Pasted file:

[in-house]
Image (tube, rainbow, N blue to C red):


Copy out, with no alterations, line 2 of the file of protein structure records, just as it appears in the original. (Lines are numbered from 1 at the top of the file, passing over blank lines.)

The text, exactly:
Image (tube, rainbow, N blue to C red):